Esther - Features Editor As Features Editor you are able to ramble on as much as you like in your own articles about aliens, ninjas and that rather good-looking banker dad from Mary Poppins. I should probably also add that being in charge of a big section like this looks good on your CV, because it shows that you can juggle sourcing a large range of articles, editing them and laying them up, whilst organizing a sizeable team of awesome deputies. Jon - Sport Editor This year I have got to play with cheerleaders, interview Olympians, and attend some pretty awesome events for free! Being Sport Editor for bathimpact has been one of the highlights of uni for me, as I have also got to know a lot more about all of the weird and wonderful sports clubs we have here.

Jack - IT Officer Being the IT Officer for bathimpact has allowed me to contribute heavily to broadening the newspaper’s exposure through creation & maintenance of It’s been great to play such an active role in making the newspaper more accessible for both students & lecturers & rewarding to see that it is used heavily. Sam - Social Secretary/Photography Co-ordinator Media isn’t just about reporting, we’re a bunch of hard working students but we know how to let our hair down! Media has a social side to die for (or at least spend a day in bed) I joined media for the parties. As bathimpact’s photography coordinator I’ve been rushed off my feet every week gathering hard hitting and good quality shots for the paper. I get access to loads of events for free and it’s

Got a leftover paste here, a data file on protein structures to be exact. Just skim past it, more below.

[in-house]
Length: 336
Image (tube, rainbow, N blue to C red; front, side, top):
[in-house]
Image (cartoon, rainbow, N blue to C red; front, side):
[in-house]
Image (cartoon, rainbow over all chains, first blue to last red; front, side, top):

made getting a placement so much easier, 5 applications and 5 interviews! Ben - Publicity and Distribution Student Media is the best extracurricular activity. I’ve absolutely loved getting involved with promoting the newspaper in Freshers week, on Media Day and on different recruitment days this year. YOU, can bring student Media to the forefront of Student life at Bath. Maggie - Treasurer I have made wonderful friends and memories. I got to put together a budget request, sensible enough to not get rejected, but also quite chunky to get big papers printed. This position has also given me the chance to put a range of skills to good use which is really great for your CV.